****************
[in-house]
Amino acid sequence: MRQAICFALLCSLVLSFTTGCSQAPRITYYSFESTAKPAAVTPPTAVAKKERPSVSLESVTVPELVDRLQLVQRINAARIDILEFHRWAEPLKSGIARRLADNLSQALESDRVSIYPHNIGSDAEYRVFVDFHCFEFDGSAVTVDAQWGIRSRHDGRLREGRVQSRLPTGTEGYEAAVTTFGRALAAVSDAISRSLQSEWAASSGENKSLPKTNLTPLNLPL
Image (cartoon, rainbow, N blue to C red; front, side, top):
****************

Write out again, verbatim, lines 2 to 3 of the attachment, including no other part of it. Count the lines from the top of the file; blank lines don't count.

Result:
Amino acid sequence: MRQAICFALLCSLVLSFTTGCSQAPRITYYSFESTAKPAAVTPPTAVAKKERPSVSLESVTVPELVDRLQLVQRINAARIDILEFHRWAEPLKSGIARRLADNLSQALESDRVSIYPHNIGSDAEYRVFVDFHCFEFDGSAVTVDAQWGIRSRHDGRLREGRVQSRLPTGTEGYEAAVTTFGRALAAVSDAISRSLQSEWAASSGENKSLPKTNLTPLNLPL
Image (cartoon, rainbow, N blue to C red; front, side, top):